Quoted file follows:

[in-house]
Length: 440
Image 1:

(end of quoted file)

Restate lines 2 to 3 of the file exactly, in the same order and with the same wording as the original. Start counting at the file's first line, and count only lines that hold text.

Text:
Length: 440
Image 1: